Twombly's interpretation, however, is similarly supportable. She begins with the assertion that section 3, which excludes coverage for “commutation to and from” business activities, does not affect coverage for her injuries because the accident did not occur on her commuting route between Lincoln and Bangor. Any exclusion from coverage thus must come from section 4b, where coverage is checked off for “any scheduled, sponsored and supervised activity” of her employer but the “travel to or from” box is unchecked. Twombly argues that the “activity” she undertook on the day of the accident-planning the out-of-office training session-included her travel to and from the meeting in Houlton. In her view, the unchecked box next to “direct travel to or from such activity” does not eliminate coverage for travel in circumstances in which the travel is part of the actual work activity. She also goes further to argue that the “N/A” notation beside the travel provision indicates that that provision has no relevance at all to the coverage provided under the policy. She contends that the provision is, as the term indicates, “inapplicable” to this policy. The applicable provision on travel is section 3, which she claims excludes only “traditional” commuting and thus leaves all other work-related travel within the scope of the policy.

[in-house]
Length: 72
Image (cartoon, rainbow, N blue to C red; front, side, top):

Both aspects of her interpretation strike us as eminently reasonable. It is undisputed that Twombly's responsibilities with Americorps included regular travel to field sites for the purpose of educating migrant farm workers about the proper handling of pesticides. We think it quite likely that Americorps intended to acquire an occupational accident policy that covered travel risks to employees whose work included such regular travel to out-of-office locations. Indeed, given the probable expanse of her work area,3 Twombly may have spent substantial portions of some work days traveling. We are persuaded that a reasonable person describing Twombly's work “activities” for the purpose of the first part of section 4b would be likely to include as part of her job her travel to various locations for farm worker training. Driving regularly occurred as part of her work day, not only as commutation at its beginning and end.
In addition, rather than negating coverage for workday travel, the “N/A” notation beside the unchecked travel provision in section 4b reinforces the likelihood that Americorps' failure to check the provision was not intended to eliminate travel coverage that otherwise was provided through the broadly written “Description of Activity” in section 3. The “N/A” notation is used in at least one other place in the policy apparently to indicate that boilerplate language is inapplicable, rather than to exclude certain circumstances from the scope of coverage. In particular, in section 3, the standard form of the contract appears to contemplate the possibility of a policy that was issued to cover either a particular trip or a particular activity.
The relevant portion appears as follows: